We can be forgiven for being depressed. The sky is gray, the rain is cold and there is absolutely no redeeming news out of Washington these days.
In fact, it becomes clearer each day that our president — otherwise now known as "Individual-1," is a con man.
And a low-IQ con man, at that, given his apparent consistent ignorance of the law, the Constitution, and the basic rules of democracy and politics.
More depressing still, it becomes clearer daily that most Republicans don't care and will seek any way possible to shield their heads from the mud Donald Trump slings, even pretending not to see the deepening quicksand all around them in the swamp they call D.C.
Just last week, we learned of new court filings that detail previously unreported contacts between Russia and Trump's 2016 campaign. The Russians were offering the campaign "synergy on a government level." That would be legal speak for Russian collusion.
The filings also directly implicate the president — "Individual-1" — in plans to buy the silence of women he had affairs with so that he could be elected. And, according to the filings, he bought that silence illegally on the dimes of campaign donors.
Alternet.org recently reprinted a Salon article on those revelations topped with this headline and lead-in:
"Here's why Donald Trump could easily go down in history as a worse traitor than Benedict Arnold. The Trump-Russia scandal will likely end up being in many respects a bribery and money laundering and possibly even RICO scandal, with features of conspiracy to commit election fraud and conspiracy to defraud the United States."
But Sen. Rand Paul, R-Ky., for one, isn't buying it. He told NBC News' "Meet the Press" on Sunday that he didn't see anything illegal about Trump's efforts to build a hotel in Moscow deep into the 2016 campaign — so long as Trump didn't promise anything in exchange for it.
Of course, Trump business associate Felix Sater told BuzzFeed News that the penthouse of that Moscow hotel (which he and Trump fix-it attorney Michael Cohen worked to make happen long into June of 2016 despite Trump saying the development was canned in January) was to be a gift to Russia President Vladimir Putin.
Paul also played down the alleged campaign finance violations that paid off Trump's girlfriends. Paul argued that such missteps should not be "over-criminalized."
"I personally think that if someone makes an error in filing paperwork or not categorizing, it shouldn't be jail time, it ought to be a fine." He added that if campaign finance violations are aggressively prosecuted, "we're going to become a banana republic, where every president gets prosecuted and every president gets thrown in jail when they're done with office."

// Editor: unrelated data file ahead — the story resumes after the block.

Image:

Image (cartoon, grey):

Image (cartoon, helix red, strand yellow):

This kind of alternative logic gives added nuance to the alternative facts to which we've become conditioned.
Thus, it's understandable why we're in the winter of our discontent and Trump slump.
After all, we've already endured the ripping of migrant children from their mothers' arms and the construction of tent cities to house those children in cages. We've sent 5,000 or 6,000 troops to the Southern border to string up some barbed wire for the wall that Mexico is never going to pay for.
We numbly watch as the blow-hard-1 criminalizes blacks and migrants, but remains friendly with the Saudi crown prince, who even members of Congress now believe ordered the murder of Washington Post columnist Jamal Khashoggi. And why not? Trump claims the Saudis assured him that the journalist was an "enemy of the state" and "member of the Muslim Brotherhood." If true (it's not) that should be reason enough for murder, right?
We've been struck dumb by his undoing of practically every climate change and clean environment rule ever enacted. Climate change, like Russian collusion, is a hoax, Trump constantly parrots.
And, who knows — maybe we're so desensitized that we won't notice if Trump pardons all of the three dozen or so people already charged in the Russian probe — even the five former Trump aides who have pleaded guilty.
Yep. We've got the Trump slump.
Some call it Trump anxiety disorder.
Politico wrote about it in October.
"Trump May Not Be Crazy, But the Rest of Us Are Getting There Fast," the article is headlined. It reports that counselors say Trump and his "convulsive effect" on America's national conversation are giving politics a prominence on the psychologist's couch not seen since the months after 9/11.
Let's buck up.
The House will flip to Democratic leadership in early January. And the more Trump tweets "WITCH HUNT!" — a near daily occurrence now — the dizzier GOP members will grow from their exhausting duck-and-run dance. Eventually, they'll fold up.
The sun will rise again.